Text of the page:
In this health class at North High School, teacher Deb Tackmann broaches the sometimes awkward subject of sex.
“How many of you know someone in high school that is sexually active?” Tackmann asks her class of roughly two dozen freshmen during her fifth hour class. Nearly all students stand up.
Tackmann says a new bill in the state legislature that would no longer require contraceptive methods to be taught will put her students at risk.
“Our abstinence based promotes abstinence,” says Tackmann. “Abstinence only, I would not be able to talk about contraceptive methods, I would not be able to talk about STI's, I would not be able to in some cases be able to talk about male and female reproductive systems and how to take care of their health.”
The author of the bill, State Senator Mary Lazich, (R-New Berlin), told the Senate Education Committee Wednesday school boards deserve the flexibility to design their own sex education curriculums.
Earlier this week, senate democrats said they disagree with the bill, which they say takes the focus away from the economy.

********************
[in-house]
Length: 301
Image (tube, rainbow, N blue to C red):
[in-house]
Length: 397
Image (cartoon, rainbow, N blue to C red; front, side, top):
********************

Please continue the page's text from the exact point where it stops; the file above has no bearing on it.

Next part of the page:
And while Tackmann tackles the tough questions from teens, WEAU 13 News took the conversation outside the classroom and asked people in Eau Claire what they think.
“I'm a Christian,” says Cassy Botty. “I believe that people shouldn't be doing that until their married. Married people should be doing that.”
“I believe in teaching them the options. I believe that abstinence is best, but I think that they should be taught the truth that if they have sex, they're going to have a pregnancy possibly, and the results and the consequences of doing that,” says Sandy Rude.
Until curriculum changes, this teacher says she'll promote abstinence, but remain realistic about the consequences these kids could face.
We’ve attached a copy of the bill in its entirety for you to read.